Let’s Hear it for the Women

August 15th, 2016 Posted by writings 0 comments on “Let’s Hear it for the Women”

I know the 2016 summer Olympic games have had its share of good and bad stories: toilets that don’t work, risk of safety in Rio de Janeiro, the risk of Zika virus for the participants. Too many negatives stories.

So it was refreshing to hear a good story.

Lilly King is a young American olympian, and she is reminding us about the spirit of the games. You see, Ms. King and her fellow American olympians do not use illegal substances to enhance their performance. But they had been seething quietly over the fact that the International Olympic Committee permitted Russians to compete, even though these Russians had been previously banned for using illegal substances.

Ms. King courageously pointed out the IOC’s flawed decision, which trampled the spirit of the games and allowed cheaters to compete,

“A level playing field would be preferred,” she said in a quiet yet seething public speech.

And with that, Ms. King demonstrated the kind of courage most of us should envy.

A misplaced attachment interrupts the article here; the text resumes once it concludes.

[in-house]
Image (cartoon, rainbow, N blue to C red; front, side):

But Ms. King didn’t stop there. She went on to let her talent speak volumes. In full view of the public, she set an Olympic record for the 100 meter breaststroke. Her main rival was Yulia Efimova who came in second place. Ms. Efimova is a Russian swimmer who benefitted from the IOC’s inexcusable flip-flop. The IOC refused to ban Efimova from the games, even after a myriad of well documented reports that laid bare Russia’s state-sponsored doping program.

As Ms. King pointed out allowing athletes in the Olympics who dope is not a level playing field. That is a blunt assessment of the burdens being imposed on the clean athletes.

The real question is – should an athlete who was caught and punished for doping be allowed back in? The clean athletes who never crossed that line feel that officials aren’t backing them up. The crowds also felt the same way as the Russian swimmer was booed. Thank goodness Ms. King did not back down. She seized an opportunity and she made a statement.

People who follow this issue and work against doping, expressed support for Ms. King and Michael Phelps who subsequently backed her up. It was also pointed out that there were members on the U.S. team who had previously been sanctioned for doping.

To me it is clear – the sport must clean itself up and the Olympics must hold itself to higher standards.

And we should be proud of young, courageous athletes who speak up. We should commend Lilly King. Too bad the officials at the International Olympic Committee don’t have her courage.